The View From The Bottom Rail

The View From The Bottom Rail “The View from the Bottom Rail” After the Fact, Volume II James West Davidson and Mark Hamilton Lytle Copyright 1986 by Alfred A. Knopf Inc. Pages 177-210 Grant Hopkins AP U.S. History II September 11, 2000 The Lewinsky Scandal .. A perfect example as to why we cannot accept everything at face value before carefully examining it first.

Everyone thought President Clinton was behaving himself in the White House, but, as it turns out, he was most definitely not. This can be the same for history. We must carefully consider different aspects of articles so that we do no make the mistake of believing everything we read. In order to fully understand an article, we must understand the author that wrote it. It is necessary to examine prejudices, sources, information left out, and missing background information before accepting an article. This method of critical analysis allows us to better understand the article and therefore history because we are more aware of the authors and their possible mishaps.

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“The View from the Bottom Rail”, an article in After the Fact, provides an opportunity to examine different aspects of analysis. If we look at it carefully, then we will be able to determine if the thesis was proven effectively. In “The View from the Bottom Rail”, the authors, James Davidson and Mark Lytle, proposed, “For several reasons, that debased position has made it unusually difficult for historians to recover the freedman’s point of view.” Within the article, Davidson and Lytle cycled through different aspects as to why it is hard for historians to determine the “view from the bottom rail”. They questioned the validity of many sources that, if accurate, would have contained the perspective of an ex-slave. These sources included both white and black testimony. In order to examine these sources, the authors traced the topics using microcosm.

Because they were covering a topic and not an event, microcosm was the most appropriate method of examining the subject. Davidson and Lytle first introduced a source. Then, they pondered over the different ways that the source could be biased. They took small segments from the source and used those to demonstrate why the source could not be taken at face value. For example, when examining the proposed source of a slave master’s account, Davidson and Lytle examined one aspect of this to make a conclusion.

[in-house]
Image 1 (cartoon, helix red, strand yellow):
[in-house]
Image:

They determined that, “With slaves so dependent on the master’s authority, they were hardly likely to reveal their true feelings; the dangerous consequences of such indiscretion was too great.” Therefore, they were able to conclude that, for the most part, a master would never truly know what his slave’s point of view was. The authors proceeded to attack the other sources in this method. The other sources that Davidson and Lytle examined were not only diverse but also effective. Many of the sources were direct quotations from the words of freedmen, including two in-depth interviews of the same ex-slave by different reporters. Other sources included stories and writings of both southern and northern whites.

While almost all of the sources were primary, many were taken from secondary source books that included the words of primary sources. Taking primary sources from secondary source books can be a dangerous habit because it is not known what the author of the secondary source chose to leave out. The primary sources may have already been biased even before Davidson and Lytle were able to make their own focuses. However, some of the sources were direct primary sources such as letters and diaries. In addition, all sources used were done so effectively. The diversity of the sources made the authors’ argument more convincing since their views were not limited to one kind of source.

By not depending heavily on any one type of source, Davidson and Lytle were able to cover multiple opinions. This effective use of research leaves very few questions unanswered. However, it would be helpful to know how location affected the freedman’s point of view. Blacks were treated differently depending on location, workplace, and status. The authors failed to examine different locations as changing point of views.